Managing your debt with consolidated credit

This is a guest post. For more information about the services mentioned in this article, please visit them on Facebook and Twitter.

It’s a sad truth that for many people who struggle with financial problems, cutting the cable and making a budget aren’t going to be enough. Don’t get me wrong, these and other money saving tips and frugal tricks will help and provide good habits for the future. However, if the money coming in is a lot less than the money going out, there’s only so much fat you can trim before you’re down to the bone.

Photo credit: Images of Money via Flickr

In fact, several members of my own family suffer from this dilemma. It’s not a story with a happy ending, but it bears telling.  Let’s call them Alice and Bob.

No one starts out in debt and they were no different.  Alice and Bob purchased a home in the early 2000s for $350,000.  Even with the recession and economic downturn, it’s worth about $750,000 to $800,000 today.  The problem?  They owe more than that much on their mortgage and assorted debts.  Uh oh.

It didn’t happen overnight.  When they purchased the home, times were good and money was coming in.  But over the years, there were fewer overtime hours at work, and then fewer hours in general.  The flow of money shrank, but their expenses stayed the same.  In some areas, it even rose.

It started with the dining room set, oak and beautiful.  They bought it on credit the first year after purchasing the home.  It was followed by the living room set, complete with matching side tables.  There were normal life events, like dentistry and visits to the hospital.  There were car repairs and roof repairs.  Most of these items were charged onto credit cards.  And why not, they probably reasoned.  They had plenty of money coming in to cover the monthly bills.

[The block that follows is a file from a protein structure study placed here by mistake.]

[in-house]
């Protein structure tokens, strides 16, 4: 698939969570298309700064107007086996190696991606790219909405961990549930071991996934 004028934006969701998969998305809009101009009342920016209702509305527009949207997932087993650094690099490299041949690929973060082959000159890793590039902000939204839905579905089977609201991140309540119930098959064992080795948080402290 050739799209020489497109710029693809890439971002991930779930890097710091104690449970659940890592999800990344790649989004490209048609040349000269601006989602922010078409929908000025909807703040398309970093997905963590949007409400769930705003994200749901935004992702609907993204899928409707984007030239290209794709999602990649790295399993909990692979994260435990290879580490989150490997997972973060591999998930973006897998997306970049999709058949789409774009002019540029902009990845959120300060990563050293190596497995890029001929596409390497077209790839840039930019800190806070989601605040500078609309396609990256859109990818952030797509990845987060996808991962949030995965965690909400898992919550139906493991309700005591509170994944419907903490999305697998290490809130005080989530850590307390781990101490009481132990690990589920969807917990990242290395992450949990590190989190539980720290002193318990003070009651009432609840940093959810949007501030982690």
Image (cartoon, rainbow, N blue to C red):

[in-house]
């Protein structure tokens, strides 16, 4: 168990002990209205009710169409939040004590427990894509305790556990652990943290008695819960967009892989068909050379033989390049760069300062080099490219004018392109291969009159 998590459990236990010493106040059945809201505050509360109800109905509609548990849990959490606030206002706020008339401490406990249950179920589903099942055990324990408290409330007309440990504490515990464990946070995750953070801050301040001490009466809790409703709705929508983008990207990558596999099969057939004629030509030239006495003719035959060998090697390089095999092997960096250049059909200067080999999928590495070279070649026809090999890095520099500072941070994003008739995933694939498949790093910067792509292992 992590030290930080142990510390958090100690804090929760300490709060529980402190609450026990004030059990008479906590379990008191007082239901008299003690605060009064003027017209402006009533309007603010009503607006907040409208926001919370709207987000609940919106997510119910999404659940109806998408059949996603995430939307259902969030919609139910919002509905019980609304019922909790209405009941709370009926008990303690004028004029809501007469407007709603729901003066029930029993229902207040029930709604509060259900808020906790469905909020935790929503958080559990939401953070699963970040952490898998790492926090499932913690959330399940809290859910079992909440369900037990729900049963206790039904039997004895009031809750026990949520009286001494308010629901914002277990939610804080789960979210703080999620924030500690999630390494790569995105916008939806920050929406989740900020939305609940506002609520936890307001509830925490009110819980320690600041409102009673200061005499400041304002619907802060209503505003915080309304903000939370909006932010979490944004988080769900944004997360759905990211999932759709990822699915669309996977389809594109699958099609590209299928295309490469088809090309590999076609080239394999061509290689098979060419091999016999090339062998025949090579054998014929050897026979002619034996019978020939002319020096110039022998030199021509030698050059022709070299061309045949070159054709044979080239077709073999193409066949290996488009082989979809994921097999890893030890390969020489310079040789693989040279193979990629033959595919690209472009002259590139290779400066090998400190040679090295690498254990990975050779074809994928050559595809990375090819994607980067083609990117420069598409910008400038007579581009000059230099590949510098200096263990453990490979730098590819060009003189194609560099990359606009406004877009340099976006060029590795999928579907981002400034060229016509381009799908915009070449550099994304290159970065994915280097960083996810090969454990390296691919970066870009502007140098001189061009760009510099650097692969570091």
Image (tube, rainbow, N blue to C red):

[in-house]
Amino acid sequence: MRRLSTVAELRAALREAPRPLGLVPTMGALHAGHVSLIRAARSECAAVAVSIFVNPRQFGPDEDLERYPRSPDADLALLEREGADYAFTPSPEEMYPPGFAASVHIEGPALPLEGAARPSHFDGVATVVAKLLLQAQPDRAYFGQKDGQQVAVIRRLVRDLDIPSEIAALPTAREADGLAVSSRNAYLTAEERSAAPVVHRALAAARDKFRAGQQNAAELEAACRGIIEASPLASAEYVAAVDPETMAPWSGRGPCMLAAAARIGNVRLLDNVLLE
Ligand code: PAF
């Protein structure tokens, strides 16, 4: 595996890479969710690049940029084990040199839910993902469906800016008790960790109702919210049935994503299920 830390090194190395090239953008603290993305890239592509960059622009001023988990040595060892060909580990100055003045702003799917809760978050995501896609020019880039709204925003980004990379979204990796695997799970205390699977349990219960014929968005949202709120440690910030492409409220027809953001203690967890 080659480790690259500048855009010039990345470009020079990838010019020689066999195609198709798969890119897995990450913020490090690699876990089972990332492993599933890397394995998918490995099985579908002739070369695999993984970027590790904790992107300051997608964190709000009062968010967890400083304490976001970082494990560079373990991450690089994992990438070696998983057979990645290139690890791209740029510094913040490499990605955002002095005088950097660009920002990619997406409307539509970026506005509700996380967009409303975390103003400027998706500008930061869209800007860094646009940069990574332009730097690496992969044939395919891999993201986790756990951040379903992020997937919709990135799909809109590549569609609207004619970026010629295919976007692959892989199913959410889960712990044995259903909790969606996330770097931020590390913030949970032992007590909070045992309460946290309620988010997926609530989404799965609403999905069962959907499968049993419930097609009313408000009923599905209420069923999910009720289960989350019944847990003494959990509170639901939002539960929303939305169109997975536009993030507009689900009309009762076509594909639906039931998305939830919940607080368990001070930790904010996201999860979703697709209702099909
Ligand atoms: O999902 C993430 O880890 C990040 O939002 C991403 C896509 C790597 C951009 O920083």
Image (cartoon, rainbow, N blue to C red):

Even as their bills exceeded their income, they still continued being good consumers.  The economy was good and the demand for housing was high, so they were able to refinance their home and use the money to continue their lifestyle.  But with the recent economic downturn, Alice and Bob have not been able to get more financing and are faced with monthly debts and bills nearly 50% higher than their paycheque.

In these situations, paring down on services or eating a bit more cheaply only serves to stem the flow of blood. Indeed, for Alice and Bob, even getting part time jobs would not help them break even in their monthly budget. They are simply paying too much money in interest payments to various lenders and credit cards.

Instead, credit counselling in combination with consolidating their debts might help them manage their monthly payments. Often, the debts can be rolled into a single loan and the resulting consolidated credit payment is much lower than the minimum payments of many smaller loans.   Many companies offering debt consolidation will also offer credit counselling services.  They can help individuals like Alice and Bob figure out a budget and payment plan that will help them eliminate their debt and, hopefully, live within their means.

If you decide to seek out consolidated credit, be sure to research each company carefully.  It can be a great way to start reaching towards financial freedom, but like any loan, it carries risks.  A good credit counselor will help you come up with a debt management plan, navigate the risks and steer you towards a solid financial future.

Have you ever used a credit counselor or taken steps to consolidate your debts?

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